Sunday, March 24, 2013

Time for tea with the Old Man of Rum and a fine pair.

Under a saltire sky we approached the cliff at northern boundary of the beach at Samhnan Insir. It is formed of pre-tertiary Torridonian sandstone and has weathered into...

...the remarkable features of a face, known as the Old Man of Rum.

The northernmost point of Rum consists of shallow sandstone ledges which project far out from the land. The swell provided some entertainment as we were distracted by our first sight of distant Canna. This was to be our destination the following day...or so we thought.

Approaching Kilmory we came to this amazing sandstone boulder, which had weathered into a...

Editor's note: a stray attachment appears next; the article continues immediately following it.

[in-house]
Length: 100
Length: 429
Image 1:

...fantastic T shape. We pondered upon the cataclysmic forces that must have wrenched this great stone from the very bosom of the Earth.

As we approached Kilmory Bay we came across...

...more hungry red deer feeding on the kelp exposed by low tide.

Again we waited patiently outside the surf zone, admiring the heaving and fine pair of summits, Hallival 723m and Askival 812m, until...

...some smaller sets saw us...

...safely in to shore.

It was now time for tea and some 10 year old Jura on this stunning beach. Meanwhile the deer returned to their grazing at the far end of the bay.


  1. Just added a link to this post from the Sea Kayak Wakes news page - what a fantastic day you had - further south the weather was not as good (although my daughter gave me a 10 year old Jura so it was still a "winning" day)

  2. Hi Mike thank you, it is hard to beleive that this trip happened. Today we have 4" snow in the garden and many in SW Scotland and the islands are without electricity. Some snow drifts on Arran are 15' deep!